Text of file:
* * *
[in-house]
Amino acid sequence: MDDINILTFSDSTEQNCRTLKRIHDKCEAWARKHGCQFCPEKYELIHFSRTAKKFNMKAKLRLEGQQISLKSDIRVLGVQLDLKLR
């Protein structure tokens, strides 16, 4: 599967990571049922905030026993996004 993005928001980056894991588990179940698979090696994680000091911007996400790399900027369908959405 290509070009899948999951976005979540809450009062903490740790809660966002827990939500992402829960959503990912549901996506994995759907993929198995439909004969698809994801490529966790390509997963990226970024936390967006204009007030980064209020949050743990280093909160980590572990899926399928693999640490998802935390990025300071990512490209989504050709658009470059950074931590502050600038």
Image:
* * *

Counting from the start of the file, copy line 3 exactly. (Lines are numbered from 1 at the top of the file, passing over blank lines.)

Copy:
């Protein structure tokens, strides 16, 4: 599967990571049922905030026993996004 993005928001980056894991588990179940698979090696994680000091911007996400790399900027369908959405 290509070009899948999951976005979540809450009062903490740790809660966002827990939500992402829960959503990912549901996506994995759907993929198995439909004969698809994801490529966790390509997963990226970024936390967006204009007030980064209020949050743990280093909160980590572990899926399928693999640490998802935390990025300071990512490209989504050709658009470059950074931590502050600038």